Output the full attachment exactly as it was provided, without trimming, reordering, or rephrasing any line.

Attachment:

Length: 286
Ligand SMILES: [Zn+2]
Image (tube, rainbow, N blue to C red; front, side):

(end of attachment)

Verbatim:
Length: 286
Ligand SMILES: [Zn+2]
Image (tube, rainbow, N blue to C red; front, side):